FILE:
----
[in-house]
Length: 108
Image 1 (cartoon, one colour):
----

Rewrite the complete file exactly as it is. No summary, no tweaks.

[in-house]
Length: 108
Image 1 (cartoon, one colour):